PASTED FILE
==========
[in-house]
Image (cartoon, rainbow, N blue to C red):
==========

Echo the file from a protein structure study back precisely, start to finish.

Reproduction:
[in-house]
Image (cartoon, rainbow, N blue to C red):